Fisheries and Aquatic Studies
Fisheries and aquatic studies include a variety of tasks associated with determining the presence and population sizes of species of fish and other aquatic species, analyses of impacts of projects on aquatic species and aquatic ecosystems, and monitoring to detect or protect sensitive fishery and/or aquatic resources.   Fisheries include both freshwater and marine systems.
Several species of fish and other aquatic life are so rare or threatened that they have been listed as Threatened or Endangered by the National Marine Fisheries Service pursuant to the Endangered Species Act or by the California Coastal Commission (for species in California) pursuant to the California Endangered Species Act.   Some species of fish are also protected further in California from any take whatsoever, referred to as Fully Protected Species.   There are 49 species (or subspecies/varieties) of freshwater fish listed as Threatened or Endangered in the United States by the U.S. Fish and Wildlife Service, and another 32 marine or anadromous species listed by the National Oceanic and Atmospheric Administration, Fisheries (formerly the National Marine Fisheries Service).   There are 34 species (including subspecies, varieties, and ecologically significant units) of fish listed as Threatened or Endangered in California.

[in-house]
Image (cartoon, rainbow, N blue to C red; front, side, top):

Some fishes DMEC has worked with include (Note: underlined text indicates link to photo/drawing of species):
The Unarmored Threespine Stickleback is a small freshwater fish that is both federally listed Endangered and a Fully Protected Species that occurs only in the upper reaches of the Santa Clara River in Los Angeles County.   Another fish species of importance in southern and central California is the Southern Steelhead Trout, which is listed as federally Endangered.   Projects that have potential to impact sensitive aquatic species, such as those mentioned above, require analysis by a qualified aquatic/fisheries biologist.
Aquatic or amphibian species DMEC has worked with include:
DMEC has experience surveying for, mapping, and characterizing aquatic habitats, and with assessing project impacts to aquatic ecosystems, particularly those occupied by listed species.   DMEC has monitored construction work for several projects to protect the aquatic resources of the site, with the monitoring typically required by the permitting agencies.   DMEC has also evaluated aquatic systems on a watershed basis, identifying watershed conditions that both directly and indirectly affect aquatic habitats, such as DMEC's analysis of the streams flowing through the Reports City of Ojai.
Go to the link on DMEC's Reports webpage for DMEC projects related to fisheries, and DMEC's Steelhead Monitoring Presentation for our monitoring work related to fisheries and aquatic resources.
This page last updated 1 February 2007